A very large expanse of sea

There are not a lot of author’s I wind up buying whatever they write. But Tahereh Mafi is official one of my must buy authors. I absolutely adored this novel and you should definitely pick up a copy today!

I am literally doing an ugly cry right now!

I honestly have a broken heart. This story touched my inner child so deeply I felt like my heart was being ripped out of my chest. High school can be challenging for all of us, but some had it way worse than others. I found myself going down memory lane, asking myself who and what could I have treated differently. In a world with advance technology, our way of treating others haven’t developed as much as it should have.

Initially it felt like I couldn’t get into it, but it turns out I was so, so wrong. This story is a must for everyone! EVERYONE! The first few chapters of back story and setting got a bit long in my opinion, but with it being covered in so much detail early on, that you can solely focus on the dialogue and plot development.

The writing is so emotional, you cannot help but feel EVERYTHING the characters feel. Their love, their hate, their shock and their disgust at how we as people treat each other.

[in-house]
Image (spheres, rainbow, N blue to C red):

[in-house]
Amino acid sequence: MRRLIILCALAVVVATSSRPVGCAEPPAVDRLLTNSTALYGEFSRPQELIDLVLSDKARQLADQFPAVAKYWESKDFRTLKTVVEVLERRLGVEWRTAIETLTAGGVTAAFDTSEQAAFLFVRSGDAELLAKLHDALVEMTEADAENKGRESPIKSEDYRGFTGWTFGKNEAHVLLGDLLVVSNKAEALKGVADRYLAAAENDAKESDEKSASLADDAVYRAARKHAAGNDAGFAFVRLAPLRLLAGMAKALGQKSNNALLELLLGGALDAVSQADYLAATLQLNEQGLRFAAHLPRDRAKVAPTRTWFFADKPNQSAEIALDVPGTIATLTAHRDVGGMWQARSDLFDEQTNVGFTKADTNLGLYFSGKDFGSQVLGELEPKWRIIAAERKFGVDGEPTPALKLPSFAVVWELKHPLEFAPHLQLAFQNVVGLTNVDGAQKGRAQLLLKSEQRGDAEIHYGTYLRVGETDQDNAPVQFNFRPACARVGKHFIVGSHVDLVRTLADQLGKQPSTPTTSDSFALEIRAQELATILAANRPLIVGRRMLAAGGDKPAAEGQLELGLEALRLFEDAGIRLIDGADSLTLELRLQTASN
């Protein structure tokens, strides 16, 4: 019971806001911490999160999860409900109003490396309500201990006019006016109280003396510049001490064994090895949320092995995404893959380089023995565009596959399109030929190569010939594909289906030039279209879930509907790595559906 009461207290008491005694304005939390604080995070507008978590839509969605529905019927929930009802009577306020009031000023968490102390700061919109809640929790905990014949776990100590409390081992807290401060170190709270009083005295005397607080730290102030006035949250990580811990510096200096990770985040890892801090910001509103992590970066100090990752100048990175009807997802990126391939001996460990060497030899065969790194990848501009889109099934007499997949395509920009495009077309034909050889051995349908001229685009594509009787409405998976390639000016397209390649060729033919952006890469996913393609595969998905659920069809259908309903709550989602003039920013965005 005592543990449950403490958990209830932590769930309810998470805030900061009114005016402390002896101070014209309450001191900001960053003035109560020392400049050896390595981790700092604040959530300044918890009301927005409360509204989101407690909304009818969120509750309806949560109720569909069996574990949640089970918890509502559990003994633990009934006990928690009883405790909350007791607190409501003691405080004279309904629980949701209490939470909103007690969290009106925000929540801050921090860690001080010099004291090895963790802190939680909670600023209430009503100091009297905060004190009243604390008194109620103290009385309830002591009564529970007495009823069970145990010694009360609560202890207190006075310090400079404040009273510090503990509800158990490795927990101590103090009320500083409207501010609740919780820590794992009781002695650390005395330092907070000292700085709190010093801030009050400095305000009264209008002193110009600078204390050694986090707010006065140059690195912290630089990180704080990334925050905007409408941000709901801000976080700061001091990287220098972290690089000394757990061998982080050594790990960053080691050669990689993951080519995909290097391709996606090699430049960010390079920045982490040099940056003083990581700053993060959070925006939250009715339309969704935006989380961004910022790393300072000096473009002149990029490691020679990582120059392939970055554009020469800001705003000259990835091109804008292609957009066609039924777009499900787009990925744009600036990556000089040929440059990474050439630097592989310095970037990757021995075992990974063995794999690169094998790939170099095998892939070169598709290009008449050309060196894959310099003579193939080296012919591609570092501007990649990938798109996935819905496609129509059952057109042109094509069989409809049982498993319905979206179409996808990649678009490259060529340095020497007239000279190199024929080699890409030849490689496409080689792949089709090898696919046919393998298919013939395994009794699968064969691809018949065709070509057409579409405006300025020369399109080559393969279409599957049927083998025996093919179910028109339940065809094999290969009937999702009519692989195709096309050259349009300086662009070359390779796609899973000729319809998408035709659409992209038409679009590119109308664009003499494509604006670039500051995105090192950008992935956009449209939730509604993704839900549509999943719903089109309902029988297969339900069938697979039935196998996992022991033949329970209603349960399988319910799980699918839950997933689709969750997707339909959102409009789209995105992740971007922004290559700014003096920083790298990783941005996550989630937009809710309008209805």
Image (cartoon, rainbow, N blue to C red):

Tahereh Mafi has taken a taboo topic and turned it into an eye opening story of how we as humans deal with things we in the essence of it, don’t understand. Whether it is racism, sexism, xenophobia – the lesson in this remains the same and vastly applicable.

Shirin and Ocean’s story is so moving that I honestly wish I could go back to high school and fix some of my own mistakes.

I highly recommend picking up this book. The initial detail might be boring and feel like unnecessary overshare but it is so crucial to the character development.

I just love this book.


It’s 2002, a year after 9/11. It’s an extremely turbulent time politically, but especially so for someone like Shirin, a sixteen-year-old Muslim girl who’s tired of being stereotyped.

Shirin is never surprised by how horrible people can be. She’s tired of the rude stares, the degrading comments—even the physical violence—she endures as a result of her race, her religion, and the hijab she wears every day. So she’s built up protective walls and refuses to let anyone close enough to hurt her. Instead, she drowns her frustrations in music and spends her afternoons break-dancing with her brother.

But then she meets Ocean James. He’s the first person in forever who really seems to want to get to know Shirin. It terrifies her—they seem to come from two irreconcilable worlds—and Shirin has had her guard up for so long that she’s not sure she’ll ever be able to let it down.

Would you go back and change your behaviour in high school? let me know in the comment section.

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